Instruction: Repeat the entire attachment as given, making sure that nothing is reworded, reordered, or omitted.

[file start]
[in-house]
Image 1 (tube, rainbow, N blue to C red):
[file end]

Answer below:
[in-house]
Image 1 (tube, rainbow, N blue to C red):